This, plus climbing to any great height, was what scared me most about maybe having to go into the Armed Services. I feared having to climb up those giant log ladders I had seen recruits doing in a movie, of course. My Shy Bladder fear kicked in after I saw pictures of an Army bathroom where all these toilets were simply lined up out in the open.
Fortunately for me I never had to give an observed urine sample for drug testing. If I had both the observer and I would have grown old waiting.
Getting back to kids inventing new games if they become bored with the old. One of the guys who took part in this drinking game (he has since passed away) hinted the whole thing was getting monotonous. It needed higher steaks, he told us, required a more daring twist. He thought we should turn it into a striping game. Of course he suggested this just as a matter of elimination (no pun intended), there was no sexual connotation to our play, at least none I am aware of.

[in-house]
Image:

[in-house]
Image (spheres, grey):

Neither Stuart nor I liked to take off our shirts in front of others, let alone our pants. I felt I was too skinny and he felt he was too fat. We didn’t like our bodies and we didn’t like anyone seeing them. Maybe the guy who made the suggestion felt he was statuesque and wanted to display his physique or he was not self-conscious or was plain confidant he would win and not be stripped naked. (He would be wrong about that.)
Despite Stuart and my hesitation he kept nagging until we agreed to do it. It is more accurate to say he clucked us into it, the old “Are you chicken” approach. It is incredible how the chicken routine convinces boys to do stupid things.
We only played it once. This was the one time Mrs. Meisel left us alone in the house to go out elsewhere. All other times she was wandering about and might pop into the kitchen without warning.
I’m not sure what the specific rules were. If we based it on running to the bathroom I am sure I never lost a stitch, but I believe the number on the spinner determined it. If you landed on 1 you had to take one article off and drink one glass of water and so forth. That certainly put Stuart and I in danger.